For decades, Joe and I — first, as tourists; now, as residents — have looked around South Florida and said, “Florida, my Eden.” We’ve said it as we’ve marveled at the lush tree canopy of botanical gardens, as we’ve gazed at tables of flowers and fields of shrubs and trees in local nurseries, as we’ve walked about and worked in our own garden, and as I took photos for this post.
When Santiago Arroyo (left) met Jason Long (right), it was the start of a bountiful friendship. When the two men worked side-by-side in a Florida-farmer apprenticeship program, they not only cultivated a friendship but they shared a common vision of how farming could change the way people live, eat, and think about food.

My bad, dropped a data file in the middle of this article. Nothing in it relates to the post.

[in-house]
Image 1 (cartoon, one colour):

The pot of hyacinths arrived in my life nearly a year ago. A delivery of them had arrived at work as a precursor to Easter — a highly scented way of reminding South Floridians they too could have bulbs heralding the arrival of spring, which actually feels more like summer.
The thing is, South Florida weather is not kind to hyacinths — and so many other spring-flowering bulbs like tulips and daffodils. When pots of blooms are purchased, they’re meant to be houseplants and then trashed.
I think I have fall envy.
That thought first occurred to me as September 21 was approaching and all of the local and chain coffee shops and microbreweries started touting their pumpkin donuts, pumpkin muffins, pumpkin beer, pumpkin everything.
After Irma, life is returning to normal — or, perhaps, to the new normal. While the Florida Keys and the Caribbean have a long road ahead, the Fort Lauderdale area survived.